Let’s talk about holiday colors. While the green of our deciduous trees and bushes is gone, and we’ve had our first snow, still some of our winter wonderland foliage can deck our outside halls with the colors we associate most with Christmas — red, blue, green and white. Here are a few sparkling choices.
The barberries are thick, hardy shrubs that do well in drought and cold. Numerous varieties exist. They are also called mahonias. As an overall species, most are hedge-like, hardy, evergreen with pleasantly-scented clusters of small yellow flowers in spring. And depending upon the species, they are beautiful — usually red berries fall through winter. Some have thorns or spiny leaves which, in a hedge can discourage wildlife from coming into your yard, or encourage pets to stay.
A popular barberry is fendler’s barberry. While botanists are in disagreement about naming it berberis fendleri or mahonia fendleri, we just admire its colors. Bright green leaf clusters turn red in fall, while yellow spring flowers ripen into large clusters of edible (by birds and people) shiny, red berries rich in vitamin C that are used in jams, jellies and pickles. The celebrated French jam, confiture d’epine vinette, a specialty of Dijon and Rouen, is made from a type of barberry. Barberries also flavor many dishes in eastern cooking.
While all of the barberries sport holly green leaves, a couple of others add blue to the reds and greens. Berberis fremontii grows four to five feet wide in a dense, compact form. It has frosted blue evergreen leaves barbed at the tips which are nice contrast to the red berries. Mahonia repens, also called creeping mahonia, is more of a ground-cover with holly-shaped leaves turning plum to red in cold weather, while its berries are black with a bluish blush to them.
The sumacs are another family which turn red in fall and last at least through early winter. Smooth sumac (rhus glabra) and three-leaf sumac (rhus trilobata) are a few which are fast growing and produce tart red berries the birds love. Littleleaf sumac (rhus microphylla) is a shrub which likes arid hills. It has small, deep green leaves with white flowers followed by bunches of red berries which can be eaten.
The appropriately named snowberry (symphoricarpos albus), also known as waxberry and ghostberry, produces luscious, snow-white berries. While the berries are poisonous if eaten by humans, some birds, small mammals and browsers still use this shrub for food, cover and nesting sites. This plant grows well on rocky, open slopes and hillsides.
Winterfat (krascheninnikovia ceratoides, subspecies lanata) is a small evergreen shrub whose silver, blue-green foliage fits as well into the winter season as the woolly white seed heads in late fall which take on a kind of “glow.” Winterfat is an important pioneer species on disturbed land, and is good for erosion control. The seed heads can be dried, another great use for wintertime. They like full sun, are drought tolerant and not at all picky about soil type. This is an important plant for wildlife as a winter forage food as it is almost as nutritious as alfalfa. The Navajos boil the leaves and eat them for expectoration of blood from the lungs — and the plant can also be thrown on the hot stones of a sweat lodge for a lovely aroma.
Of course, we have many evergreen pines, firs and spruces. Our very familiar Rocky Mountain juniper (juniperus scopulorum) can grow to a large upright 30-to- 40 foot evergreen with reddish-brown bark and blue-green berries that attract birds and last all winter. The evergreen foliage turns reddish purple in winter. It makes an excellent windbreak and soil erosion control on slopes or hillsides. It will grow in any soil, is moderately drought tolerant, and likes full sun. It can be decorated as a Christmas tree, with strings of popcorn, bits of apple, oranges and nuts hung about is as a gift to the birds and wildlife.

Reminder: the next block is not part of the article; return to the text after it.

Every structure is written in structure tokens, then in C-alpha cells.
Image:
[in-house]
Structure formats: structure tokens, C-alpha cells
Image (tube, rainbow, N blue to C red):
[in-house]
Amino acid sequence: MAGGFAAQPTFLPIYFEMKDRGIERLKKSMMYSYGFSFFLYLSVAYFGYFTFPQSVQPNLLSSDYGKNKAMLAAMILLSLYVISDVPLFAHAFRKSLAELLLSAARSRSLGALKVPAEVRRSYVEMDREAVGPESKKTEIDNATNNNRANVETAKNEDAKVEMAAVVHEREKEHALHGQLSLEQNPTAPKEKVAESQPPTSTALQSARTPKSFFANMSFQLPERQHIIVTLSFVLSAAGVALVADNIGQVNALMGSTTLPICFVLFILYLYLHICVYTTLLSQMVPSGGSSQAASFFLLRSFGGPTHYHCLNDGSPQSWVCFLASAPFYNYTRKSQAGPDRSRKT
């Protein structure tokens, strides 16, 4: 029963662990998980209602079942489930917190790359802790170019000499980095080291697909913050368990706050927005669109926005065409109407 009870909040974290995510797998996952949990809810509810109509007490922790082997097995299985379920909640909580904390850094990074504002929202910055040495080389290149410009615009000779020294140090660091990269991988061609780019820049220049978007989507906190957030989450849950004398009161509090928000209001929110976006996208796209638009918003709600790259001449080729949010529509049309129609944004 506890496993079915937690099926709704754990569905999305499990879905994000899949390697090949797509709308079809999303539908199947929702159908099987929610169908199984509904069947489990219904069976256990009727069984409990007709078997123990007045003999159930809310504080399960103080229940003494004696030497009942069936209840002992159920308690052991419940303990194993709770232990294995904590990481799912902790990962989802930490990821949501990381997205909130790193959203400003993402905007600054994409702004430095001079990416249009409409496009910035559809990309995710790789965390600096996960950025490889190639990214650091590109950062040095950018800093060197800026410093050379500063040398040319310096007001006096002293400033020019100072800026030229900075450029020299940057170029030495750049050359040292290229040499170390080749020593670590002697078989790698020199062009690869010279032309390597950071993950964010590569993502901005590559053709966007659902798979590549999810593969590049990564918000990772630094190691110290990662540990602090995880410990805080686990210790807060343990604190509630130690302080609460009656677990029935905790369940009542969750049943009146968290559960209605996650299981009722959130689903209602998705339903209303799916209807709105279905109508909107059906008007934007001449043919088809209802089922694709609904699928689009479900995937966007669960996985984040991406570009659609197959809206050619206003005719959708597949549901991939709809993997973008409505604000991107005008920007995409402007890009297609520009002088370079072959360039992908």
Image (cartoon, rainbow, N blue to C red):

And of course, the Colorado blue spruce (picea pungens) is a classic Christmas tree — even good enough for the White House lawn in years gone by. It is now planted country-wide for its sheer beauty. While this plant fulfills a need for blue, as you can see by the immature cones, you may also have red with your blue. Though it is the state tree of Colorado, we in New Mexico have bragging rights to it as well — especially in the north-central area. Pungens refers to the fact that its leaves are sharply pointed. The Navajos used this tree medicinally and ceremonially. An infusion of the needles can be used for colds and to settle the stomach. Twigs are given as gifts to bring good fortune.
Upcoming events, information
Save the date! The Taos chapter of the Native Plant Society of New Mexico is the proud host for the 2017 annual conference Sept. 14-17, 2017. The theme is “The Seed: Past, Present and Future.” Presentations, field trips and workshops will explore the archaeological, botanical and cultural heritages of Northern New Mexico. The location will be at the SMU-in-Taos/Fort Burgwin campus on Highway 518.
Monthly meetings will begin again in March.
This column is published the second Thursday of the month. We are planning programs for 2017 and welcome suggestions for topics, speakers, special events, field trips, community outreach activities or any other learning opportunity.
Please contact us at firstname.lastname@example.org. The chapter webpage is at npsnm.org/about/chapters/taos. On Facebook, search for “Native Plant Society New Mexico Taos Chapter.”
May you have a fortunate and fine holiday season. Merry Christmas and happy Winter Solstice from the Native Plant Society of Taos.
Johnson is a member of the Florida Outdoor Writers’ Association and the national Outdoor Writers’ Association.